Harper Prize Winner 2019: Maria Leunda

Author Maria Leunda offers an insight into the research behind her paper Ice cave reveals environmental forcing of long‐term Pyrenean tree line dynamics, which won our 2019 Harper Prize. Maria also further discusses how she ended up doing this exciting research and introduces her study site in the Central Pyrenees.  Alpine ecosystems are particularly sensitive…

Harper Prize Shortlist 2019: Ole Petter Laksforsmo Vindstad

The Journal of Ecology article “Can novel pest outbreaks drive ecosystem transitions in northern‐boreal birch forest?” was shortlisted for the Harper Prize early researcher award earlier this spring. In this blog post, first author Ole Petter Laksforsmo Vindstad explains how the emergence of novel climate-driven outbreaks by phytophagous insects came to define the trajectory of…

Harper Prize Shortlist 2019: Katie Baer

In this post author Katie Baer, offers an insight into her paper Declining demographic performance and dispersal limitation influence the geographic distribution of the perennial forb Astragalus utahensis (Fabaceae), which was shortlisted for the 2019 Harper Prize.  Katie also discusses her wider research and ecological career. You can see a full list of all shortlisted papers in the Harper…

2019 Harper Prize Winner: Maria Leunda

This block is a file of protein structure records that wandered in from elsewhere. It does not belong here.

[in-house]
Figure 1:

The John L Harper Early Career Researcher Award is given each year to the best paper in the journal by an early career author at the start of their career. We’re delighted to announce that the 2019 winner is Maria Leunda her article ‘Ice cave reveals environmental forcing of long‐term Pyrenean tree line dynamics. The…

2019 Harper Prize Shortlist: Early Career Research Award

The Harper Prize is awarded by the British Ecological Society each year for the best paper in Journal of Ecology written by an early career author. Today we are pleased to present the shortlisted papers for this year’s award. These papers were published in 2019 (Volume 107, Issues 1-6). The winner will be selected in the coming weeks so…

Harper Prize Highly Commended Papers 2017: Plant-Soil Interactions (Part 2)

In this second Harper Prize video podcast, I present the findings of my highly commended paper entitled ‘Stoichiometric N:P flexibility and mycorrhizal symbiosis favour plant resistance against drought‘. This experiment was carried out at The University of Sydney (Australia) with Alberto Canarini and Feike Dijkstra through a postdoctoral fellowship from the Swiss National Science Foundation.…

Harper Prize Highly Commended Papers 2017: Plant-Soil Interactions (Part 1)

Each year, as well as selecting an overall winner for the Harper Prize (Jenny Zambrano, see previous blog post), the editors of Journal of Ecology also select two highly commended papers. This year the two highly commended papers are from Connor Fitzpatrick et al. titled ‘Phylogenetic relatedness, phenotypic similarity and plant–soil feedbacks‘ and myself, Pierre Mariotte et al.…